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The Role of Red Leaf Coloration in Prey Capture for Pinguicula planifolia
Jenna Annis, Janice Coons, Charles Helm, and Brenda Molano-Flores

Southeastern Naturalist, Volume 17, Issue 3 (2018): 433–437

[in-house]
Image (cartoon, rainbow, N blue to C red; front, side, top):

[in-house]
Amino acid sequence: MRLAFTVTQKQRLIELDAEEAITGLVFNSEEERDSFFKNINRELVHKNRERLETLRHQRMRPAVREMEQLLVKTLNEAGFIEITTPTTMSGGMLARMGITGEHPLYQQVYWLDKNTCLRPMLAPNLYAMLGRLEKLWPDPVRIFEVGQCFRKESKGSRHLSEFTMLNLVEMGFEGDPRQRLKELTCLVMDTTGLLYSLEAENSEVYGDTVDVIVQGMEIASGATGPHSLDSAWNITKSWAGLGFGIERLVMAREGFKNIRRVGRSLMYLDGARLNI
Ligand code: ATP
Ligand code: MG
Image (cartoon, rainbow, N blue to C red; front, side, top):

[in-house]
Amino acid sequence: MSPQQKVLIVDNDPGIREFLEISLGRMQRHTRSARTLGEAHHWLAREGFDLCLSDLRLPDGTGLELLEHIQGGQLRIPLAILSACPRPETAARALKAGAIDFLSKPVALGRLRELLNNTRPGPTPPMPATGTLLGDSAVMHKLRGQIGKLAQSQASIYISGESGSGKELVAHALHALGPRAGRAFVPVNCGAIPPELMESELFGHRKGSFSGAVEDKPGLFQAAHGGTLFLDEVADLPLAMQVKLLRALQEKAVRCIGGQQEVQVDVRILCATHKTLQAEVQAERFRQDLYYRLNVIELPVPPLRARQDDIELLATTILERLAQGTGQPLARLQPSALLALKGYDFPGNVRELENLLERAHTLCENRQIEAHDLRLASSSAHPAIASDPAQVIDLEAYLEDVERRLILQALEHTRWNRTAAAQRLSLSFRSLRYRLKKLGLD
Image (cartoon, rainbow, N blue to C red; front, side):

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Southeastern Naturalist 433 J. Annis, J. Coons, C. Helm, and B. Molano-Flores 22001188 SOUTHEASTERN NATURALIST 1V7o(3l.) :1473,3 N–4o3. 73 The Role of Red Leaf Coloration in Prey Capture for Pinguicula planifolia Jenna Annis1, Janice Coons1, Charles Helm2, and Brenda Molano-Flores2,* Abstract - Anthocyanins in the leaves of carnivorous plants are suggested to play a role in prey capture. In this study, we investigated the role of red leaf coloration (an indicator of anthocyanins) on prey capture using Pinguicula planifolia (Chapman’s Butterwort). Overall, red leaves had less prey (i.e., Collembola) than green leaves, suggesting that red coloration does not enhance prey capture for Chapman’s Butterwort. However, the frequent presence of Collembola on leaves suggests that this plant species could be relying on other cues to attract prey (e.g., olfactory cues). Introduction Anthocyanins are prominent in the vegetative tissues of several evolutionarily distinct carnivorous plant families, and an emerging argument suggests that these pigments serve a role in prey capture (Joel 1988, Jürgens et al. 2015, Moran et al. 1999). Schaefer and Ruxton (2008) demonstrated that the markedly red coloration on the pitchers of Nepenthes (tropical pitcher plants) species may enhance prey capture compared to pitchers without red coloration. Ichiishi et al. (1999) suggested that anthocyanins present in the trapping leaves of Dionaea muscipula J. Ellis (Venus Fly-trap) and Drosera spatulata Labill. (Spoon-leaved Sundew) are produced when the plants become nitrogen deficient, and that this pigment production subsequently increases prey attraction in both species, providing a means to regain nutrients lacking in the substrate. Jürgens et al. (2015) proposed that anthocyanins reduce the risk of pollinator–prey conflict in sundew species because the pigments tended to deter pollinating insects while still attracting insect prey, but the red-pigmented leaves also lowered total prey-capture. The debate associated with the involvement of red pigmentation in prey capture is due partly to the widely accepted argument that insects’ color vision is poor in the red spectrum of light (Bennett and Ellison 2009, Chittka et al. 2001). Although it is unlikely that color is the only determining factor in attracting insect prey by carnivorous plants, these studies do present more questions than answers in terms of how these red pigments are beneficial for plant taxa such as Butterwort species that rely on captured prey for nutrients (Ademec and Pavlovič 2018, Legendre 2000). The focus of this study was to determine how red leaf coloration affects prey capture for Chapman’s Butterwort—a species in which leaf color in natural populations ranges from green 1Eastern Illinois University, Biological Sciences Department, 600 Lincoln Avenue, Charleston, IL 61920. 2University of Illinois, Prairie Research Institute, Illinois Natural History Survey, 1816 South Oak Street, Champaign, IL 61820. Corresponding author - Manuscript Editor: Jason Cryan Southeastern Naturalist J. Annis, J. Coons, C. Helm, and B. Molano-Flores 2018 Vol. 17, No. 3 434 to red (Gluch 2005). In addition, Annis (2016) verified the presence of anthocyanins associated with red coloration for this species. Materials and Methods We studied a population of Chapman’s Butterwort at the St. Joseph Bay State Buffer Preserve in Gulf County, FL. In mid-March 2015, we marked 20 red plants and 20 green plants by placing bamboo skewers near plants, and measured and recorded the length and width of the sampled leaves. We placed 2 wooden insecttraps (3.5 cm x 5.0 cm x 0.5 cm wood palette) within a 15-cm radius of each marked plant; traps were secured to the ground with metal sod staples. Regardless of the color of the focal plant, 1 trap was painted red, 1 was painted green, and both were smeared with TangleTrap Sticky Coating (The Tangle Company, Grand Rapids, MI). We chose specific paint colors for the green and red traps by using a color palette and matching the closest available paint color to natural leaf colors of Chapman’s Butterwort observed in the field. Although we did our best to match wooden traps and leaf colors, we did not use a spectroradiometer to verify the reflectance and absorption spectra of the traps and leaves (Horner et al. 2018). We set traps for 3 d chosen when no rain was in the forecast and then collected, covered with wax paper, and stored them in plastic bags. We carefully applied white electrical tape to the marked leaf, peeled it off, and placed leaf samples in 70% ethanol on same day as we collected traps. We repeated this prey-capture procedure for the same plants (different leaves) after 2 weeks. We used leaf areas (calculated using dimensions A = πab where A = area, a = width, b = length) to obtain number of prey captured/cm2. We performed a two-way analysis of variance to determine the effects of trap type (wooden or leaf) and trap color (red or green) on prey capture. We identified to the arthropod-order level and determined abundance for each prey order on leaves and wooden traps. Based on this information, we determined taxa percentages caught per trap and per leaf. We conducted all statistical analyses in SPSS Statistics Version 22. Results A 2-factor analysis of variance showed a significant effect of trap color (F1 = 5.3, P ≤ 0.05)] and trap type (F1 = 10.7, P ≤ 0.05) on prey capture, but no significant interaction occurred between trap color and trap type (F1 = 0.0, P > 0.05). Green coloration captured more prey than red coloration, and painted wood blocks captured more prey than leaves (Table 1). All trap colors and types captured a large percentage of Collembola; wooden traps also captured Nematocera followed by Brachycera, whereas leaves captured Arachnida followed by Nematocera and Brachycera (Fig. 1). Discussion In contrast to arguments that certain carnivorous plants utilize anthocyanins to attract prey (Ichiishi et al. 1999, Schaefer and Ruxton 2008), our results do not Southeastern Naturalist 435 J. Annis, J. Coons, C. Helm, and B. Molano-Flores 2018 Vol. 17, No. 3 support that contention; green leaves of Chapman’s Butterwort caught more prey than red leaves, suggesting that red leaf coloration could be a deterrent to prey. Similar results have been found for several sundew species (Foot et al. 2014, Horner et al. 2018, Jurgens et al. 2015). Perhaps differences found for prey preference to color by different species of carnivorous plants relates to differences in the type of Figure 1. Percent of arthropod taxa captured on green wooden traps, red wooden traps, green leaves, and red leaves on or near Chapman’s Butterwort plants. All percent values have been rounded. Table 1. Number of arthropods captured by color (green vs. red) and trap type (wooden blocks vs. leaves) on or near Chapman’s Butterwort plants. Mean ± SE are reported and means within trap color or trap type with different superscript letter differ based on ANOVA (P ≤ 0.05). n = sample size. Variable n Arthropods/cm2 Trap color Green 59 0.6 ± 0.1A Red 60 0.4 ± 0.1B Trap type Artificial 79 0.7 ± 0.0A Leaf 40 0.4 ± 0.1B Southeastern Naturalist J. Annis, J. Coons, C. Helm, and B. Molano-Flores 2018 Vol. 17, No. 3 436 prey captured. The prey capture by Chapman’s Buttwort is similar to other butterwort species in major taxa captured (i.e., Collembola and Arachnida), but different in other taxa (Diptera) and in the percentage of each taxon captured. Zamora (1990) found that the major prey group of the European Pinguicula nevadensis (H. Lindb.) Casper (Grasilla) was Diptera (62.2%), followed by Arachnida (17.1%), and Collembola (7.6%). Pavón et al. (2011) found a similar pattern in Central Mexico for the butterwort Pinguicula moranensis Kunth (53.6% Diptera, 29.1% Collembola, and 13.2% Arachnida). For Chapman’s Butterwort, we found that Collembola was the top prey (Fig. 1). Anthocyanins do not seem to play a role in attracting prey for Chapman’s Butterwort, and Joel et al. (1985) reported that no obvious UV patterns are displayed by butterworts to attract insects; thus, we hypothesize that Chapman’s Butterwort could be relying on nonvisual cues, such as olfactory cues, to attract prey. For example, Lloyd (1942) and Fleischmann (2016) mentioned that butterwort mucilage emits a “delicate fungus-like odor” that may attract insects. The majority of prey captured on red (62%) and green (67%) Chapman’s Butterwort leaves was Collembola. The large majority of most Collembola species’ diet consists of fungal hyphae (Newell 1984), and studies show that these soil arthropods are attracted to the odor of fungi (Bengtsson et al. 1988, Hedlund et al. 1995). Although anthocyanins do not seem to play a role in attracting prey in Chapman’s Butterwort, they could be performing a photoprotection role (Horner et al. 2018). Perspective Future studies should address the: (1) role of olfactory cues to attract prey, possibly including amounts or consistency of mucilage; (2) role of environmental factors (i.e., temperature, humidity, and rainfall) on prey availability; (3) seasonal patterns of prey capture and availability; and (4) the cues that attract different prey as captured by different species of insectivorous plants. These studies could provide a better understanding of prey-capture dynamics associated with this species and other carnivorous plant species. Acknowledgments We thank Samantha Primer, Jean Mengelkoch, David N. Zaya, Mary Ann Feist, Robin Kennedy, Patricia Stampe, and the staff at St. Joseph Bay State Buffer Preserve. Funding was provided by Bok Tower Gardens, US Fish and Wildlife Service, and Eastern Illinois University (The Lewis Hanford Tiffany and Loel Zehner Tiffany Botany Graduate Research Fund, College of Sciences, Graduate School, and Department of Biological Sciences). 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